There’s no place in the world like Tokyo for themed bars and restaurants, but sometimes they are too expensive, sometimes too gimmicky, sometimes lacking in atmosphere and sometimes just plain wrong. Muteki Mario however, like the eponymous plumber, makes it work.
This small bar in East Shinjuku attracts a varied crowd: on our first weekend visit, we seemed to be interrupting a few dates. Couples sat at the bar and chatted to the bartender, who was wearing heart-shaped red glasses for no apparent reason. Our second visit is different, though. It’s a quiet midweek night, and the crowd consists of just two salarymen behaving as if the bar is their local.
Guinness (¥700) acquired, we watch as they play spirited game after game of Pac-Man. A large screen is set up in the corner, with smaller monitors above the bar, so everyone can see the action. While their power pellet chomping skills might have rusted over the years, the salarymen’s enthusiasm has not.
“Abunai, abunai!” one yells as his friend maneuvers too close to the ghosts. Every time the character dies, his onlooking friend screams “Pac-Man, Pac-Man!” as if it is the natural thing to do. Since we are the only four people in the 12-seat place, we are offered the Wii controllers. I clear a stage without losing any lives, eliciting praise all round.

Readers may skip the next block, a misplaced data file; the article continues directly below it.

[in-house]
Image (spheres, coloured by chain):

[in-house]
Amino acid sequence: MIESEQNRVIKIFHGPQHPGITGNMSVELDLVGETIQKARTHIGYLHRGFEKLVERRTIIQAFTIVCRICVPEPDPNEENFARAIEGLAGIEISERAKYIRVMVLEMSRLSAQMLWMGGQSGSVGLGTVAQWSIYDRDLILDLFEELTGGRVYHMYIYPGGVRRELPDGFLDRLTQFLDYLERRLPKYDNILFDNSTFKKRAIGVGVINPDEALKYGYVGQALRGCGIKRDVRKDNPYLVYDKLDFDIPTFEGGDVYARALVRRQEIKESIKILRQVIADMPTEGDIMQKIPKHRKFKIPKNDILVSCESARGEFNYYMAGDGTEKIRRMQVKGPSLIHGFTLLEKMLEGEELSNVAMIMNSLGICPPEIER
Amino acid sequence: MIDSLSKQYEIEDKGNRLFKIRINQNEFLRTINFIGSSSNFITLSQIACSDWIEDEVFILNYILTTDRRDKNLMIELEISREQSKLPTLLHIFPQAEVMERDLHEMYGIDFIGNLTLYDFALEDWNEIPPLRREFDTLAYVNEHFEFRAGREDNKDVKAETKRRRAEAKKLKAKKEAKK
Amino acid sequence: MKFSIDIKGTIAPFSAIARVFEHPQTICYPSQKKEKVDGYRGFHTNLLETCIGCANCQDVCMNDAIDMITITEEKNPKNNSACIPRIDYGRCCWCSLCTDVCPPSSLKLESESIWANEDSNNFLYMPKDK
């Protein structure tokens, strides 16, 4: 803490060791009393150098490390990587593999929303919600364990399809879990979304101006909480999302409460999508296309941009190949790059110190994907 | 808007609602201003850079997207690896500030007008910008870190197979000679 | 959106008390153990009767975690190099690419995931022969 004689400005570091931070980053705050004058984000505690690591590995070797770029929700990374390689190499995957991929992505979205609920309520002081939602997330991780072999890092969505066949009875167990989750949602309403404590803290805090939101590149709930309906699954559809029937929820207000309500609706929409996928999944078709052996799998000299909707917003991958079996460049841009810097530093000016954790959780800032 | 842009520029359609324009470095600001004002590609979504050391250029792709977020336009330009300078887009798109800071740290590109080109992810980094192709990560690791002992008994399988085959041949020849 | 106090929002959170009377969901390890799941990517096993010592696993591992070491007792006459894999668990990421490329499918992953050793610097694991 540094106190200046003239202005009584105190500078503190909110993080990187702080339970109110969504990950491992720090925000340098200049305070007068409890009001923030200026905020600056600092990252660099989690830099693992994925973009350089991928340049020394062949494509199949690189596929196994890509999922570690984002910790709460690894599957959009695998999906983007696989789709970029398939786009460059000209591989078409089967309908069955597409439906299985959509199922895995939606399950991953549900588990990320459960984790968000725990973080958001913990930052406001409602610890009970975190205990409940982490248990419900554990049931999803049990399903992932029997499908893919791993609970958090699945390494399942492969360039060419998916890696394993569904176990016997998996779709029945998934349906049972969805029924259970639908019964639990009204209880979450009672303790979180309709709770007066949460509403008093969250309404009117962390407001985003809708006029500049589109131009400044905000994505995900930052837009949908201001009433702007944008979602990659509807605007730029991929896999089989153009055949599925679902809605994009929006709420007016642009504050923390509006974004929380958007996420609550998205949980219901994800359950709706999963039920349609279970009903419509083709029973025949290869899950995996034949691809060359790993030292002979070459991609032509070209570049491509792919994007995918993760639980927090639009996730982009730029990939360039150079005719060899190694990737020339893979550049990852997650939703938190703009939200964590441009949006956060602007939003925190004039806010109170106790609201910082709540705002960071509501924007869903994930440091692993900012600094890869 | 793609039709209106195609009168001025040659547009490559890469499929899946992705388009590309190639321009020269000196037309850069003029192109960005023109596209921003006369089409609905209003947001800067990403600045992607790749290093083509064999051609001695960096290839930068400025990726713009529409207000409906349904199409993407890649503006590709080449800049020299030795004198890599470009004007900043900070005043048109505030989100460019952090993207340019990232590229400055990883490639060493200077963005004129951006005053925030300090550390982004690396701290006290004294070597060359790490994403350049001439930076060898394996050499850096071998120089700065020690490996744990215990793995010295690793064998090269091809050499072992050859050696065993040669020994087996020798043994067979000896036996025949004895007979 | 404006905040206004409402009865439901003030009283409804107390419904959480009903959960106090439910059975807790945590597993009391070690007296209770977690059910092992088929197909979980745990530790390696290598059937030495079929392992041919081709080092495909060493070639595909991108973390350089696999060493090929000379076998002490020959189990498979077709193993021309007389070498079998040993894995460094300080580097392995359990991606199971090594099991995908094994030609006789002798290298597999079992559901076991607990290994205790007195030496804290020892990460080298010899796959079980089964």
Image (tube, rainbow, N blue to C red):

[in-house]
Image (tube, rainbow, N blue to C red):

With controllers in our grasp we decide to mix things up with a new game. This turns out to be tougher than expected—there are over 250 available, including many made for the 8-bit Nintendo Entertainment System released in the early ’80s. When my companion starts playing F-Zero, the now more numerous crowd gets nostalgic. One of the newbies gets the controller and displays some serious skill—though he’s probably the only customer in the bar I’d call a gamer.
Choosing drinks from the lengthy menu is also tough. There is a good range of spirits (from ¥700)—fitting for a self-professed shot bar—and three Mario-themed cocktails. I decide on the Cute Peach (¥700), which is very sweet but not very alcoholic.
To say Muteki Mario is dedicated to everything Mario is an understatement. There are Boos, the Super Mario Bros ghosts, hanging from the ceiling, figurines everywhere, star-shaped candles, a stuffed Mario welcoming passersby outside—even the light fixtures are modeled on the green pipes Mario disappears down. A Nintendo Family Computer (aka Famicom) converted into a tissue box sits on the bar.
Our next choice is a mid-’80s Nintendo game called Baseball, which is a hit with the others. I start up a Japan vs. Australia competition. The graphics are basic and I can’t work out who’s batting or pitching, but we’re having fun anyway. Unsurprisingly, Japan is victorious.
It’s getting late, so we finish our drinks. On the way out, it’s high fives all around for a job well done.
The appeal of Muteki Mario, and the reason behind its success as a date location, is that you can have fun even if you aren’t a serious gamer, or don’t play any of the games. It’s that unthreatening family appeal that has made Mario a success, and Muteki Mario, too.